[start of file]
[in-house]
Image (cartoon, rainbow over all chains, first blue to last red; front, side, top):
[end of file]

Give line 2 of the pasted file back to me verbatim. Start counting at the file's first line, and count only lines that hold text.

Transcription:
Image (cartoon, rainbow over all chains, first blue to last red; front, side, top):